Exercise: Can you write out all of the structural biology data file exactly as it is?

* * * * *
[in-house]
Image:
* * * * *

[in-house]
Image: